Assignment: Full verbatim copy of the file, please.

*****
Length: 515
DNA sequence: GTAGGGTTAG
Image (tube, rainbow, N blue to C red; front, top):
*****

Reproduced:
Length: 515
DNA sequence: GTAGGGTTAG
Image (tube, rainbow, N blue to C red; front, top):